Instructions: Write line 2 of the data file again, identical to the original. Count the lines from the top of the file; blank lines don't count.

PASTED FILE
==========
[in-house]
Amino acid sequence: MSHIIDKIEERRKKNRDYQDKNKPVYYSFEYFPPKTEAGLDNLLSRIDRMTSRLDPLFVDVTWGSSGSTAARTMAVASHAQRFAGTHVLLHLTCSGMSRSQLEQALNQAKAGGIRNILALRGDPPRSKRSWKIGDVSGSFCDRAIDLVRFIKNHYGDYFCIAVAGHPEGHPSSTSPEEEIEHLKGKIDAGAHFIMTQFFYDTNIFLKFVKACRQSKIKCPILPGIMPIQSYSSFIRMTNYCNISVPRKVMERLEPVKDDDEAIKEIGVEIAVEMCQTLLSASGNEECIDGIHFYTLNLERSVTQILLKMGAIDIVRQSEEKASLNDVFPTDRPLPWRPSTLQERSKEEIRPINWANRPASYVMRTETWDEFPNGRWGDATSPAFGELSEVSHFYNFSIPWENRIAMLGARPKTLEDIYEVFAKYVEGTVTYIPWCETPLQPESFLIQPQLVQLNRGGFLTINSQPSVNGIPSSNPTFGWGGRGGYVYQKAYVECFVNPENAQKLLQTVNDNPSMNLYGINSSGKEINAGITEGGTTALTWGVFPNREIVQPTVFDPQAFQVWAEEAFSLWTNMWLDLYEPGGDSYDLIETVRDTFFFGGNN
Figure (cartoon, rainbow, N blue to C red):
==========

Amino acid sequence: MSHIIDKIEERRKKNRDYQDKNKPVYYSFEYFPPKTEAGLDNLLSRIDRMTSRLDPLFVDVTWGSSGSTAARTMAVASHAQRFAGTHVLLHLTCSGMSRSQLEQALNQAKAGGIRNILALRGDPPRSKRSWKIGDVSGSFCDRAIDLVRFIKNHYGDYFCIAVAGHPEGHPSSTSPEEEIEHLKGKIDAGAHFIMTQFFYDTNIFLKFVKACRQSKIKCPILPGIMPIQSYSSFIRMTNYCNISVPRKVMERLEPVKDDDEAIKEIGVEIAVEMCQTLLSASGNEECIDGIHFYTLNLERSVTQILLKMGAIDIVRQSEEKASLNDVFPTDRPLPWRPSTLQERSKEEIRPINWANRPASYVMRTETWDEFPNGRWGDATSPAFGELSEVSHFYNFSIPWENRIAMLGARPKTLEDIYEVFAKYVEGTVTYIPWCETPLQPESFLIQPQLVQLNRGGFLTINSQPSVNGIPSSNPTFGWGGRGGYVYQKAYVECFVNPENAQKLLQTVNDNPSMNLYGINSSGKEINAGITEGGTTALTWGVFPNREIVQPTVFDPQAFQVWAEEAFSLWTNMWLDLYEPGGDSYDLIETVRDTFFFGGNN